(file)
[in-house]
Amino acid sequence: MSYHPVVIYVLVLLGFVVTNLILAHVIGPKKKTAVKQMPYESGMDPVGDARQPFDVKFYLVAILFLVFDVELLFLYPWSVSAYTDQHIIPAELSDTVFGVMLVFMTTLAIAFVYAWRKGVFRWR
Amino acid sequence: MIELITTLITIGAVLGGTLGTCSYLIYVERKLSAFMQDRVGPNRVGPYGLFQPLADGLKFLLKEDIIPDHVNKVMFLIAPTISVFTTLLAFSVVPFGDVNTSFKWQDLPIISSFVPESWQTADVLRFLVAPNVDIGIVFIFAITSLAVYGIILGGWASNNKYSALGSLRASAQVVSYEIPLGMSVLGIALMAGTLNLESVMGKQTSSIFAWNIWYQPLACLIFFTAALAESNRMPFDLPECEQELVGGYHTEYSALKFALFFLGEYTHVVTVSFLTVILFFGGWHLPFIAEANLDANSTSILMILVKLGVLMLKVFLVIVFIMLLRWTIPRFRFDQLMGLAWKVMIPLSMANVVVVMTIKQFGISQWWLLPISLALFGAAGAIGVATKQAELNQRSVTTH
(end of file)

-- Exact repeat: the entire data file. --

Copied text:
[in-house]
Amino acid sequence: MSYHPVVIYVLVLLGFVVTNLILAHVIGPKKKTAVKQMPYESGMDPVGDARQPFDVKFYLVAILFLVFDVELLFLYPWSVSAYTDQHIIPAELSDTVFGVMLVFMTTLAIAFVYAWRKGVFRWR
Amino acid sequence: MIELITTLITIGAVLGGTLGTCSYLIYVERKLSAFMQDRVGPNRVGPYGLFQPLADGLKFLLKEDIIPDHVNKVMFLIAPTISVFTTLLAFSVVPFGDVNTSFKWQDLPIISSFVPESWQTADVLRFLVAPNVDIGIVFIFAITSLAVYGIILGGWASNNKYSALGSLRASAQVVSYEIPLGMSVLGIALMAGTLNLESVMGKQTSSIFAWNIWYQPLACLIFFTAALAESNRMPFDLPECEQELVGGYHTEYSALKFALFFLGEYTHVVTVSFLTVILFFGGWHLPFIAEANLDANSTSILMILVKLGVLMLKVFLVIVFIMLLRWTIPRFRFDQLMGLAWKVMIPLSMANVVVVMTIKQFGISQWWLLPISLALFGAAGAIGVATKQAELNQRSVTTH